RSO Records

American record label / From Wikipedia, the free encyclopedia

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RSO Records was a record label formed by rock and roll and musical theatre impresario Robert Stigwood and record executive Al Coury in 1973.[1][2][3] The letters "RSO" stood for the Robert Stigwood Organisation.

Quick facts: RSO Records, Founded, Founder, Defunct, Statu...
RSO Records
StatusAbsorbed into Polydor
Distributor(s)Universal Music Group (Capitol for the Bee Gees; Polydor for all other artists; Island as US distributor of non-Bee Gees reissues)
Country of originUnited Kingdom
LocationLondon, England

RSO managed the careers of several major acts, the Bee Gees, Yvonne Elliman, Cream, Eric Clapton, and Andy Gibb. The release of the soundtracks of Saturday Night Fever (over 50 million copies sold worldwide) and Grease (over 30 million copies sold worldwide), which were two of the best selling albums ever, made RSO one of the most financially successful labels of the 1970s. Additionally, the record label released the soundtracks to Fame, Sparkle, The Empire Strikes Back, Return of the Jedi, Times Square and Grease 2.

At one point in 1978, the label boasted an unprecedented sixth consecutive number-one singles on the Billboard (US) pop charts, holding the top spot for 21 consecutive weeks. With singles releases from the Grease soundtrack album ("You're the One That I Want", and the title track) and another huge Andy Gibb smash ("Shadow Dancing"), RSO would log a further 10 weeks at the number 1 position, giving the label a record nine in one calendar year. This feat remains unduplicated by any record label to date.[4]

The company's main headquarters were at 67 Brook Street, in London's Mayfair. RSO Records underwent four distribution stages: by Atlantic Records from March 1973 to December 1975, by Polydor Records from January 1976 to December 1977, as an independent label under the PolyGram Group umbrella from January 1978 to around October 1981, and finally by PolyGram Records from around November 1981 until the label's end in 1983.[5]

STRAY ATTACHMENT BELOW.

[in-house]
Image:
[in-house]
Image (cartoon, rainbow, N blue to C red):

As well as the label was operating in 1978, the disastrous commercial and critical failure of RSO's movie version of Sgt. Pepper's Lonely Hearts Club Band crippled the company. The woes of this failure were somewhat offset by the middle of 1979, as the Bee Gees album Spirits Having Flown went on to eventually sell over 30 million copies (with the album producing three further number 1 singles that each sold more than one million copies in their own right).

In 1980, the label's most famous act, the Bee Gees, filed a $200 million lawsuit against both RSO and Stigwood, claiming mismanagement, which was met with Stigwood's own $310 million countersuit alleging libel, defamation of character and extortion. It is still considered to be the largest successful lawsuit against a record company by an artist or group. The lawsuit was subsequently settled for an undisclosed amount, and after a public reconciliation, the band remained with the label until its dissolution.

By 1981, Stigwood had ended his involvement with the label, which was absorbed into PolyGram a few years later. All previous RSO releases were later re-released under the Polydor label, which is now owned by Universal Music Group. Reissues from Polydor are distributed in the U.S. by sister label Island Records.

The Star Wars soundtracks would pass through several hands before ultimately ending up with Sony Classical in the 90s and finally Walt Disney Records after Disney's purchase of Lucasfilm Ltd., while the Bee Gees catalog reverted to the Gibb family, who set up a new distribution arrangement with Warner Music's Reprise Records, which reissued their albums and the Saturday Night Fever soundtrack until 2016, when the Bee Gees signed a new deal with Universal's Capitol Records.